Editor in Chief: Moh. Reza Huwaida Saturday, November 17th, 2018

Afghanistan: Democracy and Political Participation

Public participation in Afghanistan requires that people be at the center of decision-making processes. Therefore, this is an important element of democracy because ‘rule by the people’ is the underlying and founding principle of democracy. Thus, involving people in making decisions that concern their lives is a distinguishing feature of democratic societies. Participatory democracy, therefore, requires active and meaningful engagement of Afghan citizens in public affairs. It is a principle universally accepted as requisite for a just society. 
Thus, participation in public affairs is important in another respect. It builds people’s abilities to hold authorities to account for the implementation of decisions and actions agreed upon. It is in this respect that the Constitution of Afghanistan on Human and Peoples’ Rights recognizes the importance of participation in public affairs as an essential element of democracy.
The quest to promote participatory democracy and to make participation an important principle in the governance of public affairs has been an important theme in debates on governance in Afghanistan. Because of this, and in recognition of protracted struggles for democratic reforms, article 50 in Afghanistan’s new constitution has included democracy and participation of the people among the values and principles of governance, which bind all state organs and institutions as well as state officials. In assessing the quality of democracy in Afghanistan, there are questions whether successive governments have consistently upheld the rule of law, allowed citizens to freely elect their leaders, and whether or not people have been making political choices without hindrance. Thus, transition to democracy implies progress in both opening up decision-making processes to active participation of the people, as well as enhancing the accountability of governments to their citizens. This transition involves developing a culture of constitutionalism and accountability to citizens.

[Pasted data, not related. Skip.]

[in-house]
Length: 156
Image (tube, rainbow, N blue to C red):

Giving people freedom to make political choices, especially in elections, plays an important role in consolidating democracy. This freedom of choice enables them to put in place an accountable and responsive government whose mandate is renewed periodically – depending on the extent to which it has governed in line with the aspirations of the people. Thus, if the elected government applies the law without discrimination, citizens obey the law conscientiously. When the government however applies the law in an inconsistent manner, citizens tend to disconnect from the government. The distance between government and society widens in tandem with the failure of government to account to society and abide by the founding principle of democracy, rule by the people.
The 2004 constitution provides for a break from the past; it charts the path for a new beginning in many ways. It reduces presidential powers, creates a new structure of governance and provides specifically for a devolved system of government where people effectively participate in the governance of their devolved units. In spite of this promise for a new beginning, it did not take long for old habits to creep back. Political parties and alliances continued to form along the old lines of ethnicity and regions. And Parliament itself introduced weak laws to govern the transition to the new beginning
This shows that the interplay of ethnicity and struggles over executive power has constrained people’s participation and democratic transition in general. This interplay revolves around the capture and retention of the over-centralized executive or the presidency. The new constitution has addressed some of these challenges by establishing strong checks on the powers of the executive and by establishing two levels of government: national and local governments. However, the electoral system remains unaltered. The devolved system of government is likely to inherit the very challenges that the constitution is seeking to address, if implementation does not effectively reflect the spirit and letter of the constitution.